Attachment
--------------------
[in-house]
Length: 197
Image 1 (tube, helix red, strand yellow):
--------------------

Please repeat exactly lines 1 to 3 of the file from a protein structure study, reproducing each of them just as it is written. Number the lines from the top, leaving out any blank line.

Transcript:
[in-house]
Length: 197
Image 1 (tube, helix red, strand yellow):